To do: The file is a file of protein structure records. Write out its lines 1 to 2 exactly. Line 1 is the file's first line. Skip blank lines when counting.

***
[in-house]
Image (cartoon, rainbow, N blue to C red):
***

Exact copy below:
[in-house]
Image (cartoon, rainbow, N blue to C red):